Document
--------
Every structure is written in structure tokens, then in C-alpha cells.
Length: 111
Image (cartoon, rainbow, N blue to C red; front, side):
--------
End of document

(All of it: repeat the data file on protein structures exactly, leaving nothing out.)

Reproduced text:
Every structure is written in structure tokens, then in C-alpha cells.
Length: 111
Image (cartoon, rainbow, N blue to C red; front, side):